Department Website: med.unc.edu/ophth
Faculty Member Contacts
Associate Residency Program Director
Director of Medical Student Education
Note: All students with significant interest in applying to ophthalmology should meet with Dr. Rubinstein
Kittner Family Distinguished Professor and Chairman
FAQs/Course Recommendations/Additional Info
How do students get assigned a career goal advisor?
Dr. Daniel Rubinstein is the career goal advisor. Students may also receive their career goal advisor from their clinical research mentors.
What should my Individualization Phase look like?
|AI/Acting Internship||CC/Critical Care||ACS/Advanced Clinical Selective||Electives|
|Internal Medicine, Surgery, or Emergency Medicine||Neurocritical Care, Burns, PICU, NICU||Advanced Clinical Ophthalmology, Endocrinology, Rheumatology, ENT, OMFS, Geriatrics, Neurology||Ophthalmology, ENT, Endocrinology, Head and Neck Surgery/Oncology, Neurology, International Electives|
Do all my rotations need to be in Ophthalmology?
Should I do an away rotation? What in?
Yes. A rotation in ophthalmology with a program at which you’re interested in matching can serve as an audition. Rotating in different regions can also indicate your interest in matching into programs in different parts of the country.
Do I need a rotation at UNC if I spent my time in Charlotte/Asheville/Wilmington?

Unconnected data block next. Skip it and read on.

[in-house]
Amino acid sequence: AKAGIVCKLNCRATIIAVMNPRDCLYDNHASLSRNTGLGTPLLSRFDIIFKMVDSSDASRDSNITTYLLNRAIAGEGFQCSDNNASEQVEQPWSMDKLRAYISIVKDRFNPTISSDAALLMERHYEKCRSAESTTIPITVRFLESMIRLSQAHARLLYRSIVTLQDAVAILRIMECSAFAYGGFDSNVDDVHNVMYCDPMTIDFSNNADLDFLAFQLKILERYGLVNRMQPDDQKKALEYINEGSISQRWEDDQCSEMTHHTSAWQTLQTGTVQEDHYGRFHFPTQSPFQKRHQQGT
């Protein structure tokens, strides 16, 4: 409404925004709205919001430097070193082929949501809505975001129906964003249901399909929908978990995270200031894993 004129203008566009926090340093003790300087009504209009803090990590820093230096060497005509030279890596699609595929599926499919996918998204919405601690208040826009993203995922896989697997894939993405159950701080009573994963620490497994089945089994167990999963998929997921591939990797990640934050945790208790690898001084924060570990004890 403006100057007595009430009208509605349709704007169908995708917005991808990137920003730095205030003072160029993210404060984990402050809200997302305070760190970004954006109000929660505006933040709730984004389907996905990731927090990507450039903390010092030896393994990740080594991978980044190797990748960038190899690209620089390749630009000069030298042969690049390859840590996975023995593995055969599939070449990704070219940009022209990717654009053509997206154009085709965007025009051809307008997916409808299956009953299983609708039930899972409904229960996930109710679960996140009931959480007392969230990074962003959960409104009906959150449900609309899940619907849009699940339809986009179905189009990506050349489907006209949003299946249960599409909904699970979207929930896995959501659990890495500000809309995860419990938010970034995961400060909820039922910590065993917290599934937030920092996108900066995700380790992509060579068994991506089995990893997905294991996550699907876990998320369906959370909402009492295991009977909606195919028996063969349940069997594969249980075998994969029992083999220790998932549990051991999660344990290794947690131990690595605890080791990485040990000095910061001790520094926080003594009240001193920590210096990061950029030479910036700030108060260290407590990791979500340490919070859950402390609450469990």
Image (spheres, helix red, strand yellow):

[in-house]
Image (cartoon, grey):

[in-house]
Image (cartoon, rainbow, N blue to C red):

This is not necessary, but it is suggested – the more time you spend with our ophthalmology
department, the more strongly and specifically we can support your application.
When do I need to meet with my career goal advisor? How do I prepare?
As soon as you’re committed to Ophthalmology. Know your own CV, some up with a general plan for your application, and have specific/strategic questions in mind for your advisor.
How many letters of recommendation do I need? From whom should I get them?
Three letters, at least one from an ophthalmologist. All should know you VERY WELL.
When do I ask for my letters? What do they need?
Ask for letters with ample notice to your letter writers – at least 8 weeks prior to the application deadline. They will need a copy of your CV and may ask to speak with you further about the specifics of your interests and career goals.
How do I determine the best programs I should apply to?
Be realistic about your application, and match programs to your CV. If your strong point is research, apply to research institutions. If your strong point is service, apply to community- based programs or those with significant underserved patient populations. If your scores and grades are borderline compared to the published ophthalmology match statistics, apply broadly to improve your chances.
I just got this great piece of news…do I need to notify programs
Not unless the news is really earth-shattering – national-level grants or awards, new patents, etc. Updates are unlikely to be read once interview invites are sent out.
I am waitlisted for an interview at X and I’d really like to see that program. What do I do?
Email with a “letter of interest” detailing your specific and compelling reasons for interest. New pieces of info or relevant updates could be helpful in these letters.
I didn’t get an interview at X program. Should I send them a “letter of intent”?
A letter of interest would be better received. See above.
Should I send thank you letters to programs?